BATON ROUGE – Convicted murderers Shedran Williams and Todd Wessinger, who have been on death row since being sentenced in the 1990s, are seeking to join a lawsuit challenging the constitutionality of the method of execution used in Louisiana.
Louisiana will not be carrying out executions this year or in 2017 because of a court order challenging the constitutionality of the state’s lethal injection process. According to deathpenaltyinfo.org, a federal judge is delaying proceedings on the state’s lethal injections for 18 months,
at the request of the Louisiana Attorney General Jeff Landry. That means Louisiana could resume executions no earlier than January 2018.
The state’s execution drug expired in June 2015, meaning Louisiana did not have enough drugs to carry out executions. Louisiana law allows for either a one-drug execution using the drug pentobarbital or a two-drug formula of midazolam and hydromorphone.
Louisiana last had an execution in 2010. Since that time, the state has had to rewrite its execution protocol several times.
“We are not prepared to give a comment at this time,” Mercedes Montanges of the Promise of Justice Initiative in New Orleans told the Louisiana Record. She represents Williams, along with fellow Promise of Justice Initiative attorney Cecelia Trenticosta Kappel and attorney Letty DiGiulio.
Kappel, Montanges and New Orleans lawyer Soren Gisleson represent Wessinger.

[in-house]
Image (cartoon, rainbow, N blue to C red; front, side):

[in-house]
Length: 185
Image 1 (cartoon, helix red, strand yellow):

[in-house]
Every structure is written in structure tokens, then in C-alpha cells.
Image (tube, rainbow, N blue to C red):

Williams was sentenced to death for murdering Baton Rouge Police Lt. Vickie Wax in 2004 outside of a now-closed Walmart store where she was working security.
Wessinger was sentenced to be executed for the 1995 killing of Stephanie Guzzardo and David Breakwell, employees of a now-closed Calendar’s Restaurant. Last July a federal judge threw out the sentence and ordered a new penalty hearing.
Motions were filed by Williams and Wessinger on June 28. The two are seeking to join in a suit filed in 2012 by convicted killers Jesse Hoffman and Christopher Sepulvado, who had both been sentenced to death. Sepuvaldo had been scheduled to be executed in 2014. He was convicted of the 1992 killing of his 6-year-old stepson Allen Mercer after he fatally beat and scalded the boy.
Hoffman received a death sentence for the 1996 kidnapping, rape and shooting of Mary “Molly” Elliot of Covington.
Kevan Brumfield joined the suit in 2014. Brumfield had been sentenced to death for the 1993 killing of Baton Rouge Police Cpl. Betty Smothers, but he was recently re-sentenced to life in prison after he was found intellectually disabled and ineligible to be executed.
Attorney John DiGiulio of the firm Manasseh, Gill, Knipe, Belanger offered a look at the lawsuit.
“My take is that the case is seeking transparency for the process of executions,” he told the Louisiana Record.
Williams' and Wessinger’s requests to intervene in the suit are pending before U.S. Magistrate Judge Erin Wilder-Doomes.
“The state has stayed the cases twice as it continues to search for a viable constitutional execution method,” John DiGiulio said.